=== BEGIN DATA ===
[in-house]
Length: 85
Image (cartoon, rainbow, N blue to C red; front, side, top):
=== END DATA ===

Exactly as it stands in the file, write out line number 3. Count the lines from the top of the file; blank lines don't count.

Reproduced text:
Image (cartoon, rainbow, N blue to C red; front, side, top):